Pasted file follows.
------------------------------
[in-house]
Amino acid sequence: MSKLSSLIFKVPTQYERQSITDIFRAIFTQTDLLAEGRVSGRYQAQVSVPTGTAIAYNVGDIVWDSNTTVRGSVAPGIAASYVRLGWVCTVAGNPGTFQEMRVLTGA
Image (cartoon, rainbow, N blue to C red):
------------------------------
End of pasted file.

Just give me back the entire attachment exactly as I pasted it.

[in-house]
Amino acid sequence: MSKLSSLIFKVPTQYERQSITDIFRAIFTQTDLLAEGRVSGRYQAQVSVPTGTAIAYNVGDIVWDSNTTVRGSVAPGIAASYVRLGWVCTVAGNPGTFQEMRVLTGA
Image (cartoon, rainbow, N blue to C red):